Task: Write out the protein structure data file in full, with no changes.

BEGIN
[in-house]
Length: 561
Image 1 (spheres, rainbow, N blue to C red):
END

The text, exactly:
[in-house]
Length: 561
Image 1 (spheres, rainbow, N blue to C red):